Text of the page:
Saturday, September 14, 2013
Directed by Alain Corneau and written by Corneau and Natalie Carter, Crime d’amour (Love Crime) is the story of two women working at a multi-national corporation who embark into a sick game of one-upmanship as it gets more humiliating and darker. The film is an exploration into the world of business and how two women try to outdo one another in order to get to the top. Starring Kristin Scott Thomas and Ludivine Sagnier. Crime d’amour is a thrilling yet engaging film from Alain Corneau.
The film is a look into the world of multi-national corporations where a top executive and her protégé do whatever to make it to the top. Yet, the young woman known as Isabelle (Ludivine Sagnier) finds herself not only doing the work of her boss Christine (Kristin Scott Thomas) where Isabelle gets no credit for her hard work. Christine would then further the humiliation by playing nasty pranks on her that would involve moments of blackmail as Isabelle would try to counter that with a few deals of her own. Eventually, things would get out of control under Christine’s world forcing Isabelle to take more drastic actions that would go into various extremes. It’s a film that plays into that cruel and unforgiving world of corporate mud-slinging where those like to humiliate colleagues emotionally and mentally. Even as it would force one woman to do things that is unexpected.
The film’s screenplay has a unique structure where the first act is about Christine’s cruel persona and how she treats Isabelle though there’s time where Christine tries to help Isabelle be a better person. Even when it comes to charming other executives and such to make a deal which Isabelle does succeed at but at her own terms. Adding to this unique relationship between the two women is the fact that both are sharing the same man in a lawyer named Philippe (Patrick Mille) who finds himself in trouble with Christine over some secret finances where he breaks off his relationship with Isabelle. This would lead into this second act of Isabelle not only falling apart emotionally and mentally but also try to see how she can try to beat Christine in this twisted game. It would go into this very strange third act where it is about actions but also what really happened as police investigators get involved and such.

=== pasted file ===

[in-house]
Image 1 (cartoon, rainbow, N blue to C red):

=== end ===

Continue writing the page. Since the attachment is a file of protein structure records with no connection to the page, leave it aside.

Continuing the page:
Alain Corneau’s direction is quite engaging for not just some of the compositions that he creates but also in the way he presents the suspense and drama that is played out. Notably as Corneau would often put both Christine and Isabelle in the same frame sometimes at the edge of the frame or close together to display this sense of power struggle between the two women. There’s also moments where there is this mix of suspense and drama that includes this scene where Christine holds a party and shows a video of other colleagues in humiliating moments based on video footage as well as that moment of Isabelle feeling humiliated by one of Christine’s nasty pranks. It would then turn the film into a thriller where it would see what Christine would do as Corneau would create ideas of what might’ve happened or what really happened to create this ambiguity. While it’s shot largely in Paris, it plays into this very chaotic world of corporate businesses and mud-slinging as well as some scenes set in suburbs to showcase the different world that Christine and Isabelle live in. Overall, Corneau creates a fascinating yet intriguing film about ambition, greed, and deception.